There are 3 main translations of buck in Spanish

: buck1buck2buck3

buck1

ciervo (macho), n.

Pronunciation /bək//bʌk/

noun

  • 1

    (male)
    (of deer) ciervo (macho) masculine
    (of rabbit) conejo (macho) masculine
    (of hare) liebre macho feminine
    • Even at the tail end of the season, we were seeing numerous herds of 20 or more antelope marshaled by some very fine quality herd bucks.
    • Buck hares are wild frolickers in March, their breeding season, which has made them a synonym for lunacy for centuries.
    • In other words, the owners of the buck deer in Edgar were held as much to the standards of the owner of a domestic animal as that of a wild animal owner.
    • Marion had never got on with her father, but right now if she saw his face she'd have cheerfully swung the three strong buck rabbits she was carrying into it.
    • And it has particularly infuriated park managers because the owner of an Alsatian watched as her dog chased the buck and then fled the scene while the deer died.
    • They require no hanging, and the meat is pale and tender; that of does is considered better than that of bucks (males).
    • On the drive back to Shelby a big buck deer jumped across the road only a few yards in front of us.
    • When, freezing and exhausted, he finally felt land beneath his limbs, the buck collapsed.
    • Outdoors enthusiasts who can ignore the season's monster bucks and swarming quail will find excellent largemouth bass action.
    • They had red skin, and small horns like a buck's newly sprouting antlers.
    • Herein, we consider two main hypotheses to assess the possible function of the post-copulatory vocalization of fallow bucks.
    • Add a host of maturing bucks from a bumper fawn crop six years ago and the potential for trophy-class deer is excellent.
    • During my North Cotswold Mastership, I made Butler, the terrier man, carry a huge white buck ferret on his bicycle, and very useful he proved to be.
    • Hunters selectively cull the does to make more forage available for the bucks.
    • They'd seen three roe deer in the woods, a hind and two bucks, moving ‘silent and in slow motion through the snow’.
    • I saw a beautiful dark-horned buck standing with a doe on a sun-splashed, frost-sparkled flat near the edge of a canyon.
    • The double trigger setup on the Mountain Rifle allows for a quick shot by simply pulling the front trigger should a whitetail buck break cover in front of the hunter.
    • In a year as magical as this one, impressive bucks are scattered throughout the state, but those animals won't be easy to see just now.
    • The most magnificent of these was a buck's head - antlers and all - which was mounted above the fireplace.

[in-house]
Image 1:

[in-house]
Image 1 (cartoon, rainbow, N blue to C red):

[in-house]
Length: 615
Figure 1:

• In central Iowa, purebred bucks and does cost $500 or more per animal.
    • John, as mentioned at the outset, had two dogs that were almost drowned by a wild buck kangaroo when it took them on in a small reservoir on his family's property.
    • Some places base the cost of a deer hunt on the size of a buck's antlers - the bigger the antlers, the more the hunt costs.
    • Growth of an organ, such as a buck's antlers, requires additional nourishment and that means additional blood flow.
    • Just about 15 minutes ago, we're told a white deer - a white buck - was tranquilized and is now being brought for medical treatment.
  • 2archaic

    (dandy)
    petimetre masculine dated
    • That old cliche of a blend of young bucks and seasoned campaigners was there in abundance.
    • Too many old heads and too many young bucks not having had the time to cut their teeth properly.
    • For many of the young bucks in their scarlet tunics, what starts as a great imperial adventure ends in either a squalid death or captivity.
    • He's both the wise man and the young buck trying to prove himself.
    • When the boss is gone, the young bucks want to move up and take over.

intransitive verb

  • 1

    (steer/horse) corcovear
    • Yes, I rode a horse, got bucked off and that was the last time I will ever get near a horse.
    • The horse was small, but it was sturdy, and it suddenly started bucking and plunging in a manner that would have done a bronco proud.
    • The startled horse bucked again and let out a whinny as the rider held tight to the reigns and tugged back.
    • There were no horses bucking in their stalls, no chickens clucking on the ground.
    • Suddenly he began to buck, throwing me around like a rag doll.
    • Suddenly, his horse bucked and Henry nearly fell off.
    • The Parker boy had broken his arm when he was bucked off a horse.
    • She was about to lead the three-year-old in from the paddock when another horse in the yard unsettled him and he bucked, kicking Blanche under the jaw and knocking her unconscious.